THERE’S a growing amount of literature that documents Papua New Guinea’s rich cultural heritage, much of which is on the periphery of vanishing.
Like many educated Papua New Guineans, I take pride in my origins and find time to go home whenever the opportunity arises: to sniff the pure air of rural village life and all there is to cherish.
Tarawai is my island home, and what is happening there is a case study for what I believe is taking place in many parts of today’s Papua New Guinea.
There is rapid change in rural areas, perhaps it is a blind quest for western materialism.
Tarawai is a three-hour boat ride from Wewak, the capital of East Sepik, and things are very different than they were in my youth.
Back home recently, I missed the gentle sounds of the night that I was once so used to. I was greeted by the drumming of small power generators that buzzed well into the night, consuming the sweet melody of insects and other nocturnal creatures.
The houses are now fully visible at night with illuminating fluorescent tubes. Tea or coffee is served in bright cups as discussion settles around politics, small business and the ever-increasing fuel prices for boats.
Television sets and DVD players appear to the delight of kids who swarm around the screens, pushing and shoving for a space. Others who don’t make it early enough for a good spot stand to watch a ninety-minute movie. What a sacrifice!
Early next day, I visited relatives and friends to see how they were doing. I was overwhelmed by the sight of half-a-dozen new permanent and semi-permanent houses that replaced the thatched-roof ones.
It was good to learn that many Tarawai islanders have secured rewarding careers all around Papua New Guinea and the boom in permanent housing is testimony to that.
Tarawai does not have big swamps where sago leaves can be harvested for a house. Morota (woven sago leaf) sheets used for thatched huts come from neighbouring Wallis Island. In the past these were traded through barter; today a sheet goes for K2.
The expansion of our tiny island community also signifies another thing likely to pose a threat in the near future: a population boom. Unplanned marriages, the lack of family planning and utter ignorance have contributed to a soaring population.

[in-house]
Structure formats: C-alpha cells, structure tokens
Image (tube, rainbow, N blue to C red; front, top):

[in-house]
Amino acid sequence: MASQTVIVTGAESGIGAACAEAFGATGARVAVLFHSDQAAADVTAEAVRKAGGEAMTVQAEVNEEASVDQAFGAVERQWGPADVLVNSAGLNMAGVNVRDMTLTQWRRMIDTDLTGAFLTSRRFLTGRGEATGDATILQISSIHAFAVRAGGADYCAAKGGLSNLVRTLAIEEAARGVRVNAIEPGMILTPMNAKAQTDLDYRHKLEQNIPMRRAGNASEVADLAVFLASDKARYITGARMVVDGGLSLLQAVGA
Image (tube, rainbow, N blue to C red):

Houses and small family hamlets are taking shape in areas which people once just regarded as ‘bush’. Land boundaries once preserved for gardening are now slowly transforming into human settlements.
In the evenings, after watching the red glowing sun gracefully descend beneath the western horizon, I searched for my friends to share a few stories about the day’s events.
But it seemed this was a waste of precious time, time to be spent on Facebook, phone chatting and even phone flirting.
They offered me a fake chuckle, a nod and were quickly once again glued to the luminous screens of their fancy phones. Only the crouching figures of the elderly could be seen in the moonlight, sitting or sleeping on woven mats. No more fireside stories, I realised.
While I took in all this in a positive way, it is my greatest fear that we may lose what is left that makes us ‘Tarawai islanders’.
To deny people access to development is not on my list of recommendations. But having a strong connection with nature and traditional village systems, I believe is required to maintain a strong sense of who we are and to preserve our heritage.
Blending western ideas with local knowledge is perhaps not realistic but to me that’s what we could do to balance the equation. While we welcome new ideas to improve our lives, we also need to embrace whatever indigenous knowledge and systems stand out as noble and useful.
Seeing my little cousins with phones, I asked them if they knew how to make bilums or arm bands. Only one looked up at me and nodded a confident ‘yes’.
I left the house whenever there was a movie session to contemplate what I could best do to attract kids to my drive to retain what is truly Tarawai.
This mission is of course exhausting and seems idealistic, yet I’m beginning to realise that one option is to record what is still alive in the form of literature.
That, at least, is a starting point.